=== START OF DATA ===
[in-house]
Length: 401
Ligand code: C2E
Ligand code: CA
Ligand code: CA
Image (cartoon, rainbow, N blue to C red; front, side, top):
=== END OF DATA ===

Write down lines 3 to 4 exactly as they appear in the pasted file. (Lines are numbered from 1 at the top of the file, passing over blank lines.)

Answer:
Ligand code: C2E
Ligand code: CA